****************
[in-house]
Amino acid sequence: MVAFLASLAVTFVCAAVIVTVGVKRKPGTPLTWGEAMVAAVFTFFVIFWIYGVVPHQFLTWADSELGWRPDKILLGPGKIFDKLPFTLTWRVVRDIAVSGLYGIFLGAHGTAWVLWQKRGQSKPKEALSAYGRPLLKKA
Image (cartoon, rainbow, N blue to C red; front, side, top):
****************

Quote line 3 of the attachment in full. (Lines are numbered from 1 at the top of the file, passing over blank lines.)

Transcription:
Image (cartoon, rainbow, N blue to C red; front, side, top):